Flooding in Colorado left whole towns stranded, including the National Guard and other rescue workers that were there to evacuate residents near Lyons, a National Guard spokeswoman told the media on Monday.
While thousands have already been rescued, additional rain on Sunday hampered evacuation efforts and even stranded 15 Colorado National Guard members and emergency workers.
According to a press release by the Colorado National Guard, floodwaters rose so high that half a dozen tactical vehicles, with a horsepower of 275 each that were deployed to the area, could not breach them.
Colorado Air National Guard Master Sgt. Cheresa Theiral told CNN that the troops and emergency workers would be stranded in Lyons until roads clear enough for their vehicles or the weather clears for aviation rescue. Until then, the National Guard members and emergency workers are waiting out the floodwaters on higher ground.
U.S. Army aviators were able to rescue some civilians, pets and emergency responders Sunday before the weather grounded helicopters. Five people have been confirmed dead with one more missing and presumed dead, and over 1,000 people remain unaccounted for, though that number doesn't necessarily mean the death toll will rise drastically.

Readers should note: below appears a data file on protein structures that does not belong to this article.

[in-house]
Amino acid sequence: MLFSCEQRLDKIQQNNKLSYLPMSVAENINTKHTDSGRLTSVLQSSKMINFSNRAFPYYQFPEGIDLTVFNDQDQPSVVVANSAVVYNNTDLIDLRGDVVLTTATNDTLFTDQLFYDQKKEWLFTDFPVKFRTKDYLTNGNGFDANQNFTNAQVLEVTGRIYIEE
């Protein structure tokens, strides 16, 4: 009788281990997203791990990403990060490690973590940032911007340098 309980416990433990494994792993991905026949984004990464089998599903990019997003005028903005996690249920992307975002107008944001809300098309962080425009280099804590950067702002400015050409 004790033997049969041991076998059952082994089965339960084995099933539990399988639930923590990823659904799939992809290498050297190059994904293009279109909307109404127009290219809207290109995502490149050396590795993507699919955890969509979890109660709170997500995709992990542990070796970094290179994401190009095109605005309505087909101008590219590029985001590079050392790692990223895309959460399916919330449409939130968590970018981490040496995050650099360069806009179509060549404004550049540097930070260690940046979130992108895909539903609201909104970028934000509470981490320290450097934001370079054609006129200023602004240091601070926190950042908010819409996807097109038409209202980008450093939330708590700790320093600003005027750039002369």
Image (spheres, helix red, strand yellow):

"We don't expect to find 1,254 fatalities," Micki Trost, a spokeswoman for the Colorado Division of Homeland Security and Emergency Management, told USA Today.
As of Monday morning, over 2,200 people and over 500 pets had been evacuated by the National Guard and the 4th Infantry Division.